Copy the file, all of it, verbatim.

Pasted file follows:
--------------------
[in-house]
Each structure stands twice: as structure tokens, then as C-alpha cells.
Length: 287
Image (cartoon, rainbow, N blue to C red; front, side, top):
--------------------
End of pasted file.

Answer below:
[in-house]
Each structure stands twice: as structure tokens, then as C-alpha cells.
Length: 287
Image (cartoon, rainbow, N blue to C red; front, side, top):